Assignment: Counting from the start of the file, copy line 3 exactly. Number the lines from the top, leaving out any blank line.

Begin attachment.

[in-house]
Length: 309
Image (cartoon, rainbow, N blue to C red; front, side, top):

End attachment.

Image (cartoon, rainbow, N blue to C red; front, side, top):